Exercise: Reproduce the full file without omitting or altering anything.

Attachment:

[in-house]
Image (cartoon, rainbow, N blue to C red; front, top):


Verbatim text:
[in-house]
Image (cartoon, rainbow, N blue to C red; front, top):